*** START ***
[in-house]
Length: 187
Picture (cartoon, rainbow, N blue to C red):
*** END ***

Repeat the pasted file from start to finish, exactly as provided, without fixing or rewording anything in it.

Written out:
[in-house]
Length: 187
Picture (cartoon, rainbow, N blue to C red):